An audit represents systematic monitoring of specific aspects of care; it is somewhat formal, being set up and organised by national colleges and regional committees.7 Feedback resembles audit, although it is less formal and its development is often dependent on the spontaneous initiative of local bodies or even individuals. In peer review, performance is reviewed by expert colleagues. It is used not only to improve aspects of patient care but also to improve organisational aspects (practice management).

    Audit and feedback are among the strategies most frequently employed, but the reviews available do not reach any common conclusion. Highly successful trials, such as one with nine years of feedback on rationality of tests, are published but so are interventions with no effect, such as studies of feedback on costs of tests ordered.810 Nevertheless, there is evidence suggesting that feedback under specific conditions is effective —for example, when the information provided is directly useful in daily practice, or when doctors are addressed personally and when they have accepted the expert peer.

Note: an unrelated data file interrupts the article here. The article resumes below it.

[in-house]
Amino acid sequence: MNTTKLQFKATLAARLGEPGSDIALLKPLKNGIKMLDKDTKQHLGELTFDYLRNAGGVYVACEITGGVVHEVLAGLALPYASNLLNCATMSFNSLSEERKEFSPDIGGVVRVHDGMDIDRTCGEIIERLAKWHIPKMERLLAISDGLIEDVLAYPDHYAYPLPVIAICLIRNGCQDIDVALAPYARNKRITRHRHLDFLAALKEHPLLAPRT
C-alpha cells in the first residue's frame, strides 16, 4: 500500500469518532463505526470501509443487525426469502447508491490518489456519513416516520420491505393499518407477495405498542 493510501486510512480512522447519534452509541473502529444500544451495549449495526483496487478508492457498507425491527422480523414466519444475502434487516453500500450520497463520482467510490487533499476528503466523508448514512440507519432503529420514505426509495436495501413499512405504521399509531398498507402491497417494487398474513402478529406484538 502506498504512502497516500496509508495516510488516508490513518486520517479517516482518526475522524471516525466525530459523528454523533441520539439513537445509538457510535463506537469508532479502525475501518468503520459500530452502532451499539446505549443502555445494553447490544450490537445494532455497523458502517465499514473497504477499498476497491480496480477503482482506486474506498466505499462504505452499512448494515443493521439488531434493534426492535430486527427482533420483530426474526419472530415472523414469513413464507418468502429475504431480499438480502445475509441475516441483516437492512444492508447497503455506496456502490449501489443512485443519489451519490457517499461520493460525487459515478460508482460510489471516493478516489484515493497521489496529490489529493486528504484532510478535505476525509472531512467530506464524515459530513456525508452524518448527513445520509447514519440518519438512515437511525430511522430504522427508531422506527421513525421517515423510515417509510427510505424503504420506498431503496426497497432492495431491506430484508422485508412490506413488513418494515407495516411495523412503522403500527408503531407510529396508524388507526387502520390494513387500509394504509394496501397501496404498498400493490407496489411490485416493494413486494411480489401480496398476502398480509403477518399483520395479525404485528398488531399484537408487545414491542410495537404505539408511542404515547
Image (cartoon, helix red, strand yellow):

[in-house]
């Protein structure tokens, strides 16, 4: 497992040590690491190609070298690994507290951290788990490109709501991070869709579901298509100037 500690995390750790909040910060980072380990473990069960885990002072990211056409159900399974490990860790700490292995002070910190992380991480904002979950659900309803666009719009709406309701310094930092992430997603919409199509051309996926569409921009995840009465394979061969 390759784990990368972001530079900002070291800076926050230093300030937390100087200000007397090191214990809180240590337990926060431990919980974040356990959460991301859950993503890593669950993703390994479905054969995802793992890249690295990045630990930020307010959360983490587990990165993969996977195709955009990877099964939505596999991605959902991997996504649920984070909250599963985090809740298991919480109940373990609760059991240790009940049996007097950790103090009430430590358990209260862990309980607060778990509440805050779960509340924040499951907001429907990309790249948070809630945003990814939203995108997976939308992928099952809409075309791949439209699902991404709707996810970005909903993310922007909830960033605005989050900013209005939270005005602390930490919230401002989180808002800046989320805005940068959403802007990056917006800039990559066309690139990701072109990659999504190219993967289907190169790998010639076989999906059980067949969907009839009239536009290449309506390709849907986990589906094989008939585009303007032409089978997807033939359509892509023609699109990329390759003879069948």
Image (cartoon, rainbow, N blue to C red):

Computer reminders are becoming more popular, possibly because of the increasing use of computers in health care. Immediate computer reminders try to influence the behaviour of individuals directly, with less emphasis on monitoring performance. “Anonymous” computer reminder systems may seem less threatening, and their feedback does not need to be seen by anyone but the user. They seem to be a potentially effective method with relatively little effort, and although their effects in reducing unnecessary tests are variable, they seem promising for improving adherence to guidelines.11 The number of studies on computer reminders is relatively low, but it is likely that interventions of this type will increase in the future.